Novartis is the only other healthcare name on our two lists trading at 90% or less than our analyst's fair value estimate. Morningstar analyst Damien Conover also covers this firm and believes that patents, economies of scale, and a powerful distribution network support his wide-moat and low uncertainty ratings for Novartis. The company's patent-protected drugs carry strong pricing power, allowing it to generate excess returns and give the company time to develop its next generation of drugs before generic competition arises. Novartis' operating structure also allows for cost-cutting following patent losses to reduce the margin pressure that comes from losing high-margin drug sales. And while Novartis does have a diversified product portfolio, there is some product concentration, with the company's largest drug, Gleevec, representing 9% of total sales. This is important to note, as during the next three years, the company's major patent losses primarily include the cancer drug, as well as the cardiovascular drug Diovan. Despite seeing more than 10% of its revenue impacted by patent losses the next three years, Conover expects the company's strong pipeline, combined with stable currently marketed drugs, to lead to flat total growth over the period. On the pipeline side, he expects well over $1 billion in peak annual sales from Novartis' new cardiovascular drug Entresto and new psoriasis drug Cosentyx. The strong offsets to patent losses should enable the firm to continue to invest in research and development, helping to set up a stable lineup of next-generation drugs. Conover notes that Novartis' diverse platform of products should translate into steady cash flows, enough to easily service debt requirements and provide plenty of excess capital to fund its dividend, which represents close to 60% of the company's normalized earnings. He expects continued dividend increases but at a slower rate over the next two years.
Wells Fargo & Co WFC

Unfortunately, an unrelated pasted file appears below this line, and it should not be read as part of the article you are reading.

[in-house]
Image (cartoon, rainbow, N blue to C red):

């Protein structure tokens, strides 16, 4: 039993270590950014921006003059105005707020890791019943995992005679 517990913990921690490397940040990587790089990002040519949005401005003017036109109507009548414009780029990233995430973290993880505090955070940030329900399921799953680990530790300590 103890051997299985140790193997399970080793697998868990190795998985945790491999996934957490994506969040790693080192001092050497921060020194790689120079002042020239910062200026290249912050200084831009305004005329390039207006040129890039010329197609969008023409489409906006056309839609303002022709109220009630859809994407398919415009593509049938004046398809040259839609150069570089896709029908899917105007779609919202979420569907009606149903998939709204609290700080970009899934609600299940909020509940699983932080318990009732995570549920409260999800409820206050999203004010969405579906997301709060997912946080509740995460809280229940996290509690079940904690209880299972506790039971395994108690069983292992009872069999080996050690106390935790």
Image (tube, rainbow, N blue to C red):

Wells Fargo was the cheapest name on a price to fair value basis on both of our lists, trading at 80% of our analyst's $62 per share fair value estimate. Morningstar analyst Jim Sinegal recently raised his fair value estimate for the bank following a deeper dive on the interest rate environment. While interest-rate expectations have swung dramatically in recent months, Sinegal expects technological-driven downward pressure on real interest rates to persist over the long run. The resumption of borrowing by U.S. consumers and businesses, the decline of emerging-market savings, and the normalization of monetary policy will put upward pressure on rates, however, which should help to drive U.S. short-term rates above 2% by 2020. This would have the effect of boosting net interest income for the banks in the long run. With almost half of revenue coming from a diverse range of fee-generating businesses, though, Wells Fargo has been relatively insulated from the interest rate drama the past few years and is unlikely to see a huge boost from rising rates longer term. Sinegal also notes that while the bank's profits have been essentially flat during the past 12 months as provisioning for loan losses more than doubled (due to weakness in energy portfolios and expansion of the company's allowance for car and auto loans), he does not think investors should read too much into these short-term trends, believing the size and direction of rate changes will have a bigger impact. In the meantime, Wells Fargo's charge-offs remain negligible, nonperforming loans are falling, and the bank's home lending group has benefited from lower rates as more people have either bought houses or refinanced existing mortgages. Sinegal notes that investing in banks is not easy right now and that Wells Fargo has its own share of headwinds to navigate. While the shares are not quite as cheap as they have been at times during the first and second quarters of 2016, Sinegal believes that they represent good value for long-term investors. As for the dividend, he notes that Wells Fargo plans to eventually return a significant majority of earnings to its owners in the form of dividends and repurchases, but that the amount that the firm can return to shareholders is limited by the Federal Reserve's periodic stress tests.